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Why don't client and server just exchange the encryption keys directly using public key encryption or DH key exchange protocol? What the rationale behind that or what the problem it is to solve?

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4 Answers 4

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Its helpful to understand how keys are derived in modern SSL/TLS. Things were a bit different in early SSL (like SSLv2).

The master_secret is a common secret shared by the client and server. It is used to derive session specific keys. The master_secret derived form other parameters (discussed below).

There are 6 each secrets derived from the master_secret:

  • Client encryption key
  • Server encryption key
  • Client MAC key
  • Server MAC key
  • Client IV
  • Server IV

Assuming that neither eNULL nor aNULL is used, both the client and server use an encryption key for confidentiality and a HMAC key for authenticity. Each (client and server) has its own key.

While IVs are usually considered public, SSL/TLS treats them as secret parameters.

From RFC 5246, the master_secret is derived as:

master_secret = PRF(pre_master_secret, "master secret",
                    ClientHello.random + ServerHello.random)
                    [0..47];

The pre_master_secret comes from key agreement or key transport. If it comes from key agreement, then the pre_master_secret is the result of Diffie-Hellman key agreement. In an agreement scheme, both parties contribute to the derived secret.

If the pre_master_secret comes from a key transport scheme, then the client encrypts a random value under the server's public key. In this scheme, only the client provides keying material. When only one party provides the key, its called a key transport scheme.


What the rationale behind that or what the problem it is to solve?

The first stage, where the pre_master_secret is used, provides a "pluggable" architecture for key agreement or key transport.

The second stage, where the master_secret is derived, ensures both the client and server contribute to the keying material.

In addition, there's a label - "master secret" - that helps ensure derivation is unique even if the same parameters are used for something else (assuming a different derivation uses a different label). Use of labels are discussed in SP800-56 and SP800-57 (among other places).

The hash used in the second stage, where the master_secret is derived, performs two functions. First, it performs a mixing function. Second, it maps elements in the group used by key exchange or key agreement into random bit patterns.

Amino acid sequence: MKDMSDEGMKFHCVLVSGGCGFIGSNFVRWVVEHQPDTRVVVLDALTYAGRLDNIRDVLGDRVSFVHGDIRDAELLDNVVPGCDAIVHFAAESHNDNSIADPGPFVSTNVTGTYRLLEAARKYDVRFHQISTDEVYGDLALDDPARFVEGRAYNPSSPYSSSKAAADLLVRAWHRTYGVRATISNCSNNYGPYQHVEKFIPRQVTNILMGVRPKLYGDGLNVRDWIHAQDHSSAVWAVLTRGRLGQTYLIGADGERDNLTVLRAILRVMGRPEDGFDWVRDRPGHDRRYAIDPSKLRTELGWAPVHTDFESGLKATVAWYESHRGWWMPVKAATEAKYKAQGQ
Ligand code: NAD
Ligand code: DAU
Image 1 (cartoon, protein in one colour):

The final stage is the derivation of the 6 keys from master_secret. According to 6.3. Key Calculation, the derivation does not provide key independence. It just ensures interoperability:

   To generate the key material, compute

      key_block = PRF(SecurityParameters.master_secret,
                      "key expansion",
                      SecurityParameters.server_random +
                      SecurityParameters.client_random);

   until enough output has been generated.  Then, the key_block is
   partitioned as follows:

      client_write_MAC_key[SecurityParameters.mac_key_length]
      server_write_MAC_key[SecurityParameters.mac_key_length]
      client_write_key[SecurityParameters.enc_key_length]
      server_write_key[SecurityParameters.enc_key_length]
      client_write_IV[SecurityParameters.fixed_iv_length]
      server_write_IV[SecurityParameters.fixed_iv_length]

The steps above are a solid design. However, when used in SSL/TLS, there are lots of devils running around. For example, the above is not enough when a feature like renegotiation is added (triple handshake attack ftw!).

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  • Excellent! this is really helpful. Thanks
    – Allen Geng
    Aug 26, 2014 at 7:25
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I believe the reason is that if the client simply selected a random number to use as the symmetric key and encrypted it using the server's public key to send to the server, there would potentially be a vulnerability if common clients used an imperfect random number generator, leading to predictable symmetric keys and making the communications much easier to break.

The actual key exchange protocol ensures that the symmetric key contains randomized elements from both the client and the server. This means that even if the client has an imperfect random number generator, the communications are still protected if the server's random number generator is cryptographically strong. Even if both the client's and the server's random number generators have weaknesses, the attack against the combination of the two is likely to be more expensive than if only the client's random number generator were used.

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The rationale is that if the secret key is never exchanged it can never be detected. Key negotation algiorithms are known to be secure. An encryption is only as secure as its key.

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pre master key to master key: one side random is not really random, but 2 side 3 times random number could be really random..

master key to 6 key pairs: 2 for encryption, 2 for message integration check, and 2 for preventing CBC attack

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